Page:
The grim weather this summer - drought, heat, wind, smoke - has seen many edibles struggling, so it was a pleasure to hear from Ron Maginness that his Blackjack zucchini are cropping in abundance, sweet corn is ready to harvest and the rhubarb is "fabulous".
Last week, the green and white garden in Griffith was an oasis with hundreds of honey bees supping on racemes of sweetly scented white flowers of a soaring Robinia pseudoacacia tree.
Ron and Elena Maginness and their family moved there in 1992 and inherited good structure in the garden although the 70-year-old apple, pear and walnut trees "unfortunately passed on" when the back garden was landscaped three years ago. They have been replaced by two varieties of fig trees, Genoa White and Turkish Brown, planted in an arrangement inspired by Australian landscape designer Paul Bangay. Though young, the fig trees are fruiting.
Eight handsome corten steel raised beds, erected by FormBoss from Melbourne, are filled with vegetables and have a built in watering system. A central pergola, covered by an ornamental grape, shades table and chairs for al fresco meals. The setting is very alluring.
Padron peppers are going well as they originated in Spain and love the heat. These capsicums are picked when green and small, an occasional fruit is ultra hot and, if allowed to turn red, they become hotter. Strawberry Amsterdam Roze plants are decked in hot pink flowers while eggplants are flowering and fruiting. Sugarcane is used as a mulch. Among the strugglers this season are silver beet, lettuce which is the third planting, basil and parsley, which are not as good as last year. The winter crop of Tasmanian Purple garlic (which originated in New Zealand) has been harvested and moved to its role in the kitchen.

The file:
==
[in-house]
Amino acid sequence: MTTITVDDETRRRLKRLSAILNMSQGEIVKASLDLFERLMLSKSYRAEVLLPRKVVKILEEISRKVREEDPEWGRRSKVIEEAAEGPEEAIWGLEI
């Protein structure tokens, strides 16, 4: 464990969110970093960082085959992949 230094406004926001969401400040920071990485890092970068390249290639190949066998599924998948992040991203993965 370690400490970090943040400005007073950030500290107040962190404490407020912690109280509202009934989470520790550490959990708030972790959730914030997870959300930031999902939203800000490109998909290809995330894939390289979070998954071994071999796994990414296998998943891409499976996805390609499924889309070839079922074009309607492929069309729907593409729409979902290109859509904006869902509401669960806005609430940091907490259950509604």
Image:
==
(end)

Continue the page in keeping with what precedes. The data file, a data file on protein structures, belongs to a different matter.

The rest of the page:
Every year Ron grows tomatoes from seed and starts them in takeaway containers on a heated slab in front of a window. They stay inside until early October then go out into the big world in small 100mm pots until Melbourne Cup Day and are then planted into garden beds. Some years ago he purchased Burnley Sure Crop seeds online from The Little Vegie Patch Co., an heirloom variety developed in Melbourne, and other tomato varieties from Diggers. He also collects tomato seed.
This year the Maginnesses were overseas until the end of October so the tomatoes were a bit late out of the blocks. Fortunately Ron sourced seedlings of Brandy Wine and Burnley Sure Crop from the Southside Farmers Market and they are growing well. The orange-coloured variety, Jaune Flamme, rich in carotene and less acidic, has self seeded from last year - these are Ron's favourite variety as they are heavy croppers, go on forever and are disease resistant. Ron usually grows marigolds as companion plants but they all died this year from the heat.
Just before Christmas, Ron planted pomegranate Gulosha Rosavaya and Kalamata olive trees in a garden hot spot. A tall Tahitian lime beside the house is covered in flowers while Lisbon lemon, Valencia and Blood orange trees are growing in pots.
Elena is the chef in the household. She is of Italian descent and grew up in a home that was self sufficient. Here is her very successful passata recipe.
Easy homemade passata
tomatoes, very ripe, cut into large chunks, enough to cover your baking tray in one layer
generous teaspoon dried oregano
salt and pepper
3 garlic cloves, skin on
Place cut tomatoes in a large, high sided baking tray. Dress tomatoes with the olive oil, sprinkle over the dry oregano, add salt and pepper and the garlic. Bake for about one and a half to two hours at 150C until tomato pieces have collapsed and are starting to caramelise. Remove from oven and allow to cool slightly. Squeeze garlic out of their skins. Process all in a food processor until smooth or put through a mouli/food mill. Can be frozen.